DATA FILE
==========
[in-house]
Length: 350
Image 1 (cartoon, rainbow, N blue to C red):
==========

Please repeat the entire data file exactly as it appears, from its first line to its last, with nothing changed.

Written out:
[in-house]
Length: 350
Image 1 (cartoon, rainbow, N blue to C red):